College students and local children are taking on a leprechaun who won’t wear green, mean girls and confusion over the meaning of Cinco de Mayo.
Seventeen Eastern New Mexico University theatre students and around two dozen children are putting on the humorous play “The HOWLS Detective Agency — Helping Out With Large Situations” 4 p.m. Thursday at the college’s University Theatre Center.
“Basically they’re detectives that are helping out with problems of a goofy nature,” said Rojun Alexander, a senior in theatre performance.
Comedic commercials are interspersed among problem-solving episodes.
The performance comes as part of the “Production in Children’s Theatre” class Professor of Theatre Janeice Scarbrough is teaching this semester. Alexander said the first two weeks, students brought games and talked about theatre workshops for children.
The ENMU students came up with the detective agency theme and wrote a script. They included a scene on Cinco de Mayo since the play shows May 5 and incorporated ideas from improvised scenes participating children had done.
“The kids inspired half the play,” Scarbrough said.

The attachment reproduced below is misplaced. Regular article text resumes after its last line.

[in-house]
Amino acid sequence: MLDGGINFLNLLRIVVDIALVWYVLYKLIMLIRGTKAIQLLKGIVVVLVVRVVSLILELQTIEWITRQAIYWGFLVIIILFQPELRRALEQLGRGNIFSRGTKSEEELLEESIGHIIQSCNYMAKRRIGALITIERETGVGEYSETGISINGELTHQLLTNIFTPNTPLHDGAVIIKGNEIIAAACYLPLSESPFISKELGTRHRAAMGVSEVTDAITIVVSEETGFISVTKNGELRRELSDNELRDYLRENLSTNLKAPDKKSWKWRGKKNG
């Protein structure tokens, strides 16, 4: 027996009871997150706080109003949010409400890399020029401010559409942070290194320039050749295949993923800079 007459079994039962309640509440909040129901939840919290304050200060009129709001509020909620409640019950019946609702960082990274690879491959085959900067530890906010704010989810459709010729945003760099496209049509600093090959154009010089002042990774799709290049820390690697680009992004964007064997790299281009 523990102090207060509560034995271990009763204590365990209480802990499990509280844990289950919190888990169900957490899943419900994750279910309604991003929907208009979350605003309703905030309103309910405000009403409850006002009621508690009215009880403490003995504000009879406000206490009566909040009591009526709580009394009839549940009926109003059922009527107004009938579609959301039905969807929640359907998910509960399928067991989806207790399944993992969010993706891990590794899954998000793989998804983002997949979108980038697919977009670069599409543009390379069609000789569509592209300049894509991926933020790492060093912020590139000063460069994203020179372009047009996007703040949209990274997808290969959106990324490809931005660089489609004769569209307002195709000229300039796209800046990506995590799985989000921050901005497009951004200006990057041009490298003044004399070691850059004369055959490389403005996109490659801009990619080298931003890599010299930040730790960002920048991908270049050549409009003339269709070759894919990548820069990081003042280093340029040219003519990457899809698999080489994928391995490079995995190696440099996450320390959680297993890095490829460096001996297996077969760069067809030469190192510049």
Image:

Then the children from Clovis and Portales auditioned and started rehearsals.
“I think it’s really fun because I get to do a lot of stuff, fun stuff,” said 7-year-old Jaden Ramirez.
Adriana Southern, 12, also said the play was fun and she liked being with her friends on stage. She plays a variety of roles, including a teenage bear and a mother.
In one of his roles, Jaden plays a chick, and in his favorite scene, he pokes Santa Claus. He said his favorite part is acting and reciting the lines.
“I learned to just have fun and say your lines and be just really excited,” Jaden said.
Scarbrough said Jaden was reserved when practice began but has become more talkative.
That coming out of their shell is something Scarbrough said she hopes the children take from the experience, along with fun, teamwork and confidence.
“Also, I think they just automatically gain empathy to understand other people, to understand what’s going on with other people,” she said.
Scarbrough wants her college students to learn, “how to work fast on their feet, how to share with kids the beauty and learning possibility of theatre.”
Alexander said the production showed him the joy of teaching. Before, he didn’t know how to teach and didn’t want to after graduation.
“But it’s opened doors for me to accept the possibility that I could teach,” Alexander said.
Brianna Pilon, a junior theatre major with a design emphasis, said she conducted a design workshop. She expected the children to be apprehensive, but they “went to town” designing a set, lighting and a costume for a male and a female.
“It was a really neat experience,” Pilon said, adding that she would be willing to go farther in children’s theatre.